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Associated Press, Published November 15 2009

Deer harvest down 5 percent in Minnesota

BEMIDJI, Minn. – About 5 percent fewer deer are being harvested in Minnesota this season, a trend that some sporting-good retailers say is hurting them financially.

A big reason for the decrease is stricter hunting limits. For the past few years hunters could kill up to five deer, but bag limits this season were tightened in many areas to just one deer.

Dennis Simon, a spokesman for the state Department of Natural Resources, said limits were made too liberal around 2005 when people in many parts of the state complained there were too many deer.

Since then, deer populations in some areas have dropped 10 to 50 percent.

Some hunters say the limits are too strict because there are more than enough deer for the taking. Mark Johnson, a spokesman for the Minnesota Deer Hunters Association, said the DNR did a good job of reducing the herd size, and now it just needs to maintain a good population balance.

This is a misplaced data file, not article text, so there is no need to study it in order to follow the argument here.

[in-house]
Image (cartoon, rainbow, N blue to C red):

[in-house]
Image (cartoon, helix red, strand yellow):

“From a management standpoint, the DNR’s been doing a good job. Now it’s the public saying, well, maybe we don’t want that few deer. Maybe we want more deer again,” Johnson said. “So it’s that yo-yo back and forth that we’re seeing in play right now.”

Some sporting-good retailers said business was already hurting because of the economy, and the new rules could be making things worse.

Fewer hunters are coming into Delaney Sport Center, owner Kevin Lempola said, and those who are shopping are spending less. Over-the-counter hunting license sales at his store are down by nearly 25 percent, marking what he said is a tough financial blow.

“Over the weekend, if you’re down 70 people coming through your door on one given day, that amounts to a fair amount of business,” he said.